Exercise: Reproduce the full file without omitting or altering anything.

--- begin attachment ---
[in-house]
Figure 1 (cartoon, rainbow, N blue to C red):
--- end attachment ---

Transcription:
[in-house]
Figure 1 (cartoon, rainbow, N blue to C red):